The European online swapping service, Netcycler, which uses an algorithm to match up multiple people with mutually sought after goods to trade, has acquired U.S. rival Swap.com, which offers simpler, one-to-one trades. The acquisition took place back in late August but has only just been confirmed. Terms of the deal have not been disclosed. It’s also not clear whether Netcycler plans to brings its multi-person algorithmic swapping technology to Swap.com in future. (Update: Netcycler has confirmed it is already incorporating and extending its algorithmic technology under the Swap.com brand — see update below for more).
Swap.com’s “large user base” appears to be the immediate target here. Netcycler cofounder and chairman Jussi Koskinen, noted that the acquisition will help Netcycler grow its service in North America — a market it’s just launching into. “We are just launching the Netcycler service in the US, and the well-known brand and half a million users of Swap.com will for sure help us grow our presence here,” he said in a statement.
Netcycler is currently running both brands — but is only using the Swap.com brand in the U.S. It has just launched a new service under the Swap.com brand called the Swap.com Valet Service — targeting parents with kids’ kit to offload. The service is similar to ThredUp but with a broader category of items that can be listed. Parents send off their unwanted kids’ items such as clothes and toys; the Valet service photographs, stores and lists the items; and the parents set the price they want to sell the items for (or chose alternative items to trade with).
“With the new service, we completely avoid the inherent problems of C2C [comsumer-to-consumer] online auctions and marketplaces, like lack of trust towards trade partners, unreliability of delivery, and high shipping costs,” said Netcycler co-founder and chairman Jussi Koskinen in a statement.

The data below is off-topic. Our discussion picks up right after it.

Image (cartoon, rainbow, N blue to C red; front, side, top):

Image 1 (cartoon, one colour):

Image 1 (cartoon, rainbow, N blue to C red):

“The purpose of acquiring Swap.com is to radically improve how trading of pre-owned goods is done and to form a clear category leader,” he added. “What we are creating is the world’s first C2C department store with a very scalable business model.”
Netcycler has set up its first logistics center for the Swap.com Valet Service close to Chicago, in Addison.
Update: A Netcycler spokesman has confirmed it’s using its trade rings technology for the new Swap.com Valet service. “We have incorporated our algorithm technology into the new Swap.com Valet Service. Even better, in combination with the new concept of having all the items being traded in our logistics center (and not in the attics of users), we can extend the size of the rings to unlimited. In the European concept we have limited the size of the trade rings to five participants, as consumer behaviour-related uncertainties otherwise become too significant with larger rings. With the logistics center we are fully in control, and can make sure even larger rings works. And users won’t have to trust or meet strangers.”